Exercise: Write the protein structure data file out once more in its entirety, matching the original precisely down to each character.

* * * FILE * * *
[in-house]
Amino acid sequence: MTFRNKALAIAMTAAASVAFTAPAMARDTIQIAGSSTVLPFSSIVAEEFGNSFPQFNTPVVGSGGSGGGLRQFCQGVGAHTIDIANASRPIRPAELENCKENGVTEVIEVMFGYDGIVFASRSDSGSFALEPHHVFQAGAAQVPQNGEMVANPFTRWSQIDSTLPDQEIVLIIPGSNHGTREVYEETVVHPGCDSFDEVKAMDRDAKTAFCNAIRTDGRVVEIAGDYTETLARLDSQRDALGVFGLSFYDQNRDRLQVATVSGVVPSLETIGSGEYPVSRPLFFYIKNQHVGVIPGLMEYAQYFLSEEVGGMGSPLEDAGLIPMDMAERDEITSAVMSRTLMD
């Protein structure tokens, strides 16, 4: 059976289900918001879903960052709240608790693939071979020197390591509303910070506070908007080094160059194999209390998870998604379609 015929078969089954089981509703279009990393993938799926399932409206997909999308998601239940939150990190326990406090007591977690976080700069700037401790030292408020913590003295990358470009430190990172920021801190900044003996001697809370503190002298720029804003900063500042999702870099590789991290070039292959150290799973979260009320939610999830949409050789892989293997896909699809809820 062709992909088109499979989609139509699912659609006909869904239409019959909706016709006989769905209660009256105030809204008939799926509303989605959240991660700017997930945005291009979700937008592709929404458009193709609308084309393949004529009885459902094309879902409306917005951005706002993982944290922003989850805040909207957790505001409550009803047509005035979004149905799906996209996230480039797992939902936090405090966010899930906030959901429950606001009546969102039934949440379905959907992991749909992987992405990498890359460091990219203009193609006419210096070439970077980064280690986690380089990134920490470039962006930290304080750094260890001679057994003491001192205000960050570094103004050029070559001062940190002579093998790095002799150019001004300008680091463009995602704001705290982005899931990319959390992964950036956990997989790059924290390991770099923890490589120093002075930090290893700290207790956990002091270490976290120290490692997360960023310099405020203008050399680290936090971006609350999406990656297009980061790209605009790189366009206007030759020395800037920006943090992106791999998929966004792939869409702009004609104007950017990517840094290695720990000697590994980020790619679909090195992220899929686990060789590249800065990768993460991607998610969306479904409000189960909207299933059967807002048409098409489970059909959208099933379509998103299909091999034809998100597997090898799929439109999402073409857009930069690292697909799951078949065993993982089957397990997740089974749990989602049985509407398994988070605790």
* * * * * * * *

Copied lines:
[in-house]
Amino acid sequence: MTFRNKALAIAMTAAASVAFTAPAMARDTIQIAGSSTVLPFSSIVAEEFGNSFPQFNTPVVGSGGSGGGLRQFCQGVGAHTIDIANASRPIRPAELENCKENGVTEVIEVMFGYDGIVFASRSDSGSFALEPHHVFQAGAAQVPQNGEMVANPFTRWSQIDSTLPDQEIVLIIPGSNHGTREVYEETVVHPGCDSFDEVKAMDRDAKTAFCNAIRTDGRVVEIAGDYTETLARLDSQRDALGVFGLSFYDQNRDRLQVATVSGVVPSLETIGSGEYPVSRPLFFYIKNQHVGVIPGLMEYAQYFLSEEVGGMGSPLEDAGLIPMDMAERDEITSAVMSRTLMD
């Protein structure tokens, strides 16, 4: 059976289900918001879903960052709240608790693939071979020197390591509303910070506070908007080094160059194999209390998870998604379609 015929078969089954089981509703279009990393993938799926399932409206997909999308998601239940939150990190326990406090007591977690976080700069700037401790030292408020913590003295990358470009430190990172920021801190900044003996001697809370503190002298720029804003900063500042999702870099590789991290070039292959150290799973979260009320939610999830949409050789892989293997896909699809809820 062709992909088109499979989609139509699912659609006909869904239409019959909706016709006989769905209660009256105030809204008939799926509303989605959240991660700017997930945005291009979700937008592709929404458009193709609308084309393949004529009885459902094309879902409306917005951005706002993982944290922003989850805040909207957790505001409550009803047509005035979004149905799906996209996230480039797992939902936090405090966010899930906030959901429950606001009546969102039934949440379905959907992991749909992987992405990498890359460091990219203009193609006419210096070439970077980064280690986690380089990134920490470039962006930290304080750094260890001679057994003491001192205000960050570094103004050029070559001062940190002579093998790095002799150019001004300008680091463009995602704001705290982005899931990319959390992964950036956990997989790059924290390991770099923890490589120093002075930090290893700290207790956990002091270490976290120290490692997360960023310099405020203008050399680290936090971006609350999406990656297009980061790209605009790189366009206007030759020395800037920006943090992106791999998929966004792939869409702009004609104007950017990517840094290695720990000697590994980020790619679909090195992220899929686990060789590249800065990768993460991607998610969306479904409000189960909207299933059967807002048409098409489970059909959208099933379509998103299909091999034809998100597997090898799929439109999402073409857009930069690292697909799951078949065993993982089957397990997740089974749990989602049985509407398994988070605790």